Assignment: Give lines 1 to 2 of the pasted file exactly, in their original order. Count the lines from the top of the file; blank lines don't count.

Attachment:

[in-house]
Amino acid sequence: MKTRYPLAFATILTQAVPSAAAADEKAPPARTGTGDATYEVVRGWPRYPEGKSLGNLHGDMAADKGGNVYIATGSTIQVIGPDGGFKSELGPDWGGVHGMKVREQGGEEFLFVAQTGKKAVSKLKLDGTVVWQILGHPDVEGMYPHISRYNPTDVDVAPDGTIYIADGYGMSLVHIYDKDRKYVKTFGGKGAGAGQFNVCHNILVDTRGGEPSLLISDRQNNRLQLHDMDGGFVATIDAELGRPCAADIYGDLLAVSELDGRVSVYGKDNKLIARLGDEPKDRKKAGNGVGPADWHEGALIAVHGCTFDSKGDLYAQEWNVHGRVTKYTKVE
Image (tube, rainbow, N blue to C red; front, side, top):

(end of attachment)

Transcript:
[in-house]
Amino acid sequence: MKTRYPLAFATILTQAVPSAAAADEKAPPARTGTGDATYEVVRGWPRYPEGKSLGNLHGDMAADKGGNVYIATGSTIQVIGPDGGFKSELGPDWGGVHGMKVREQGGEEFLFVAQTGKKAVSKLKLDGTVVWQILGHPDVEGMYPHISRYNPTDVDVAPDGTIYIADGYGMSLVHIYDKDRKYVKTFGGKGAGAGQFNVCHNILVDTRGGEPSLLISDRQNNRLQLHDMDGGFVATIDAELGRPCAADIYGDLLAVSELDGRVSVYGKDNKLIARLGDEPKDRKKAGNGVGPADWHEGALIAVHGCTFDSKGDLYAQEWNVHGRVTKYTKVE